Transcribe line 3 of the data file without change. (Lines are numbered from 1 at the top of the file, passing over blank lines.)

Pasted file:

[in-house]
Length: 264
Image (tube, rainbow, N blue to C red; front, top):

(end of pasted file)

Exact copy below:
Image (tube, rainbow, N blue to C red; front, top):